Still, misplaced executive incentives, unrealistic Wall Street expectations, large amounts of company debt, greed and moral decay still exist and, in some instances, have worsened, he said.
"Everyone's asking, 'Has the tempest passed? Is it over, or will we have future problems?'" said Albrecht, an associate dean of BYU's Marriott School of Management. "You can't put it into a model -- two times 'A' plus 3 'B' equals fraud. We've never been able to do that. But we can say that if certain things are present, fraud is much more likely."
Executives most likely to commit fraud are those whose behavior is mainly motivated by self-interest to maximize personal wealth and who operate within low-control environments. They lead corporations with highly perceived pressures to succeed, and have ample opportunity to commit fraud because of lax controls or creative accounting, sometimes within a culture of fear where executives' actions aren't questioned.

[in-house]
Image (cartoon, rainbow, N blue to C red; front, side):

On the other hand, executives most likely to act in the best interest of shareholders are those whose incentives are consistent with the satisfaction they derive from accomplishing challenging tasks and who operate in environments with strong controls. This high level of control keeps abuses of power in check. These executives would have a hard time committing fraud even if they wanted to but would rarely be inclined to do so.
"This is a feasible model that more companies should consider adopting," said Albrecht. "The more executives feel like stewards over their companies and the greater number of structural controls a company has in place, the less the likelihood of corporate fraud."